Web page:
The Straits Times says

When 'fly in ointment' turns deadly

The very public assassination in Kuala Lumpur, of the estranged half-brother of North Korean dictator Kim Jong Un, marks a new level of recklessness from Pyongyang that should worry the world. The women charged with the murder of Mr Kim Jong Nam used one of the deadliest of poisons, the nerve agent VX, to neutralise him as he was checking in for a budget flight to Macau, where he is mostly resident. The use of the toxin could have caused chaos in a busy international airport but, mercifully, KL was spared this. Still, the brazen act shook people around the world because of the seeming ease with which purported agents of a rogue state could strike outside its borders. Another stunning revelation was the Indonesian and Vietnamese nationalities of the alleged attackers covertly recruited for the attack. Some North Korean diplomats are said to be implicated in the deadly incident too.

For more than a year, North Korea has been reminding the world with frightening regularity that it is in the hands of an unpredictable ruler presiding over the relentless march of a dangerous nuclear weapons programme and delivery systems. Moving from the southern half of the Korean peninsula to Japan and the US territory of Guam, Kim Jong Un has been working towards an ability to hit California, the wealthiest state in the United States. Every South-east Asian nation is vulnerable in the bargain. What is more, Kim has been regularly eliminating enemies, real and imagined, at home - including close relatives. The half-brother was apparently eliminated because Kim fears that foreign powers may see him as a useful reserve in the event of a change of guard in Pyongyang.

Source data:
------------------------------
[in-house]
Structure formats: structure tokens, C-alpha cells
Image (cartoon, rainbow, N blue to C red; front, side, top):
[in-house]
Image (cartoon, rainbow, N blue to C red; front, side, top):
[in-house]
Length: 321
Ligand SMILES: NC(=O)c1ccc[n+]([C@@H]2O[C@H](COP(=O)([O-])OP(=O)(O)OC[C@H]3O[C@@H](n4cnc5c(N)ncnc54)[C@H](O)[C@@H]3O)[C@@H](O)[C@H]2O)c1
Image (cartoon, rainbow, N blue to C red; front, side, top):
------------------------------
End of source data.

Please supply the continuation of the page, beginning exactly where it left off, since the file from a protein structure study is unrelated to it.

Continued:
The murder in KL serves as warning of the perils of regarding Kim as a mere fly in the ointment. Since it is clear that the assassins had full knowledge of their target's movements, choosing a public spot for the killing was a deliberate statement of menace. Secondly, those who ordered it clearly had no compunction putting dozens of other travellers, who could have come in contact with the deadly toxin, in grave danger. Pulling in nationals of third countries for the mission reveals a fearsome capacity to penetrate distant societies. A final, sobering caution is that North Korea may be abusing diplomatic privileges for its sinister campaigns.

Washington's decision to scrap back-channel talks with Pyongyang and Beijing's move to block coal imports from North Korea are indications that patience is wearing thin among the major powers. Despite the toughest-ever United Nations sanctions imposed on North Korea, these have not had the crushing effect desired by the world. This calls for a closer examination of the devious means Kim is using to get around sanctions and to launch acts of terror in other countries.

A version of this article appeared in the print edition of The Straits Times on March 06, 2017, with the headline 'When 'fly in ointment' turns deadly'. Print Edition | Subscribe